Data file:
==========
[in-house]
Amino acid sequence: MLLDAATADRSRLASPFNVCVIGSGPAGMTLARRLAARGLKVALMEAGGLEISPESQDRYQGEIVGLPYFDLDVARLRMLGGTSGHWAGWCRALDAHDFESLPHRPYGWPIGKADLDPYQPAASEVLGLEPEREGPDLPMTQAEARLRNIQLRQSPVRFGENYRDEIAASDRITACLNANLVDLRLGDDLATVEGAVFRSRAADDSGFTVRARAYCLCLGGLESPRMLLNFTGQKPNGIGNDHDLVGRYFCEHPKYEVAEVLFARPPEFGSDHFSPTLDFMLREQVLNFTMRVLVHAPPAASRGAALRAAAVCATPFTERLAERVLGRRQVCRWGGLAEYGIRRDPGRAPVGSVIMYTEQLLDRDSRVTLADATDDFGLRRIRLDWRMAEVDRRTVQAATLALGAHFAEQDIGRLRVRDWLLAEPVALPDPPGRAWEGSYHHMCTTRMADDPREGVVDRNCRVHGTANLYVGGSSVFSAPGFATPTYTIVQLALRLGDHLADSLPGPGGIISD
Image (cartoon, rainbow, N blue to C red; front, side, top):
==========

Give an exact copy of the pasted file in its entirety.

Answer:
[in-house]
Amino acid sequence: MLLDAATADRSRLASPFNVCVIGSGPAGMTLARRLAARGLKVALMEAGGLEISPESQDRYQGEIVGLPYFDLDVARLRMLGGTSGHWAGWCRALDAHDFESLPHRPYGWPIGKADLDPYQPAASEVLGLEPEREGPDLPMTQAEARLRNIQLRQSPVRFGENYRDEIAASDRITACLNANLVDLRLGDDLATVEGAVFRSRAADDSGFTVRARAYCLCLGGLESPRMLLNFTGQKPNGIGNDHDLVGRYFCEHPKYEVAEVLFARPPEFGSDHFSPTLDFMLREQVLNFTMRVLVHAPPAASRGAALRAAAVCATPFTERLAERVLGRRQVCRWGGLAEYGIRRDPGRAPVGSVIMYTEQLLDRDSRVTLADATDDFGLRRIRLDWRMAEVDRRTVQAATLALGAHFAEQDIGRLRVRDWLLAEPVALPDPPGRAWEGSYHHMCTTRMADDPREGVVDRNCRVHGTANLYVGGSSVFSAPGFATPTYTIVQLALRLGDHLADSLPGPGGIISD
Image (cartoon, rainbow, N blue to C red; front, side, top):